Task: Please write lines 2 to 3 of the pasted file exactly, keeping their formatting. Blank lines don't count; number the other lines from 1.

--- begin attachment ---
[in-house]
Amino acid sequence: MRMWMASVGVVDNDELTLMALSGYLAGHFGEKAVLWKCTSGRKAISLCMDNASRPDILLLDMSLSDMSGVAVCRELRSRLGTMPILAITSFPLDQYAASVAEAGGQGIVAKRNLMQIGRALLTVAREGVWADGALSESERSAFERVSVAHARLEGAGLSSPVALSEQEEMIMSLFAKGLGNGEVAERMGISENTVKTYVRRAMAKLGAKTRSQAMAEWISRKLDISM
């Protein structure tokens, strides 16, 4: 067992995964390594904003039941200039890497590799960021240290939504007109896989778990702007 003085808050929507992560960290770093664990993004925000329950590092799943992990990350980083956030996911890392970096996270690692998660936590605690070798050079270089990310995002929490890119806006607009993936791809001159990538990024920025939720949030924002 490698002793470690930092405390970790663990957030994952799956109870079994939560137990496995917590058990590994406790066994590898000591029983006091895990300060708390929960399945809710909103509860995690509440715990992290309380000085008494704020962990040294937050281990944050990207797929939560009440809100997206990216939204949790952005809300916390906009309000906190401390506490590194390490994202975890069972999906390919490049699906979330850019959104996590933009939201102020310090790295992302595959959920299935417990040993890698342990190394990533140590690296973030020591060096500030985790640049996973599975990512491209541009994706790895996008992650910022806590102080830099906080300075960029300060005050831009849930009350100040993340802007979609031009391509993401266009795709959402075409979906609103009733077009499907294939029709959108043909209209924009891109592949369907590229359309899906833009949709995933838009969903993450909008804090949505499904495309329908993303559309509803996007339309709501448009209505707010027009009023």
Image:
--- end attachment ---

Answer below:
Amino acid sequence: MRMWMASVGVVDNDELTLMALSGYLAGHFGEKAVLWKCTSGRKAISLCMDNASRPDILLLDMSLSDMSGVAVCRELRSRLGTMPILAITSFPLDQYAASVAEAGGQGIVAKRNLMQIGRALLTVAREGVWADGALSESERSAFERVSVAHARLEGAGLSSPVALSEQEEMIMSLFAKGLGNGEVAERMGISENTVKTYVRRAMAKLGAKTRSQAMAEWISRKLDISM
């Protein structure tokens, strides 16, 4: 067992995964390594904003039941200039890497590799960021240290939504007109896989778990702007 003085808050929507992560960290770093664990993004925000329950590092799943992990990350980083956030996911890392970096996270690692998660936590605690070798050079270089990310995002929490890119806006607009993936791809001159990538990024920025939720949030924002 490698002793470690930092405390970790663990957030994952799956109870079994939560137990496995917590058990590994406790066994590898000591029983006091895990300060708390929960399945809710909103509860995690509440715990992290309380000085008494704020962990040294937050281990944050990207797929939560009440809100997206990216939204949790952005809300916390906009309000906190401390506490590194390490994202975890069972999906390919490049699906979330850019959104996590933009939201102020310090790295992302595959959920299935417990040993890698342990190394990533140590690296973030020591060096500030985790640049996973599975990512491209541009994706790895996008992650910022806590102080830099906080300075960029300060005050831009849930009350100040993340802007979609031009391509993401266009795709959402075409979906609103009733077009499907294939029709959108043909209209924009891109592949369907590229359309899906833009949709995933838009969903993450909008804090949505499904495309329908993303559309509803996007339309709501448009209505707010027009009023």